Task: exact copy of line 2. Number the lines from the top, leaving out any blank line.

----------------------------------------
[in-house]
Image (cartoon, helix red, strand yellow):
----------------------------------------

Image (cartoon, helix red, strand yellow):